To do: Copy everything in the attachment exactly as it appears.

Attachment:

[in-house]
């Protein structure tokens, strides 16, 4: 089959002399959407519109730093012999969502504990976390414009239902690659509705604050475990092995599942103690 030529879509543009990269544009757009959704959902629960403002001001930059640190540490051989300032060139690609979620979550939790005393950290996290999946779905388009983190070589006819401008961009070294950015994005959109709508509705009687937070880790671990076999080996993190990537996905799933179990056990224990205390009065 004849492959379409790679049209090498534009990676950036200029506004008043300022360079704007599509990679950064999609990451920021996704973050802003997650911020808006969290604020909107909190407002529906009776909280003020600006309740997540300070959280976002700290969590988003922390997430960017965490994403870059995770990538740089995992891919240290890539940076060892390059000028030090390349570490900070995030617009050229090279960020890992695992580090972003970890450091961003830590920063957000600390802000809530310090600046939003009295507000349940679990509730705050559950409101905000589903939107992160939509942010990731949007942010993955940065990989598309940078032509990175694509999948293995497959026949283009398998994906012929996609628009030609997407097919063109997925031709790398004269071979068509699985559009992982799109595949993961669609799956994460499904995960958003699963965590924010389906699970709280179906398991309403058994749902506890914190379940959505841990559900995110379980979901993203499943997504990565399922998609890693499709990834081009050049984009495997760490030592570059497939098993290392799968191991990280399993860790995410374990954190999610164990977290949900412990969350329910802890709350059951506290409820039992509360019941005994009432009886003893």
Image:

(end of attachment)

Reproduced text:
[in-house]
């Protein structure tokens, strides 16, 4: 089959002399959407519109730093012999969502504990976390414009239902690659509705604050475990092995599942103690 030529879509543009990269544009757009959704959902629960403002001001930059640190540490051989300032060139690609979620979550939790005393950290996290999946779905388009983190070589006819401008961009070294950015994005959109709508509705009687937070880790671990076999080996993190990537996905799933179990056990224990205390009065 004849492959379409790679049209090498534009990676950036200029506004008043300022360079704007599509990679950064999609990451920021996704973050802003997650911020808006969290604020909107909190407002529906009776909280003020600006309740997540300070959280976002700290969590988003922390997430960017965490994403870059995770990538740089995992891919240290890539940076060892390059000028030090390349570490900070995030617009050229090279960020890992695992580090972003970890450091961003830590920063957000600390802000809530310090600046939003009295507000349940679990509730705050559950409101905000589903939107992160939509942010990731949007942010993955940065990989598309940078032509990175694509999948293995497959026949283009398998994906012929996609628009030609997407097919063109997925031709790398004269071979068509699985559009992982799109595949993961669609799956994460499904995960958003699963965590924010389906699970709280179906398991309403058994749902506890914190379940959505841990559900995110379980979901993203499943997504990565399922998609890693499709990834081009050049984009495997760490030592570059497939098993290392799968191991990280399993860790995410374990954190999610164990977290949900412990969350329910802890709350059951506290409820039992509360019941005994009432009886003893």
Image: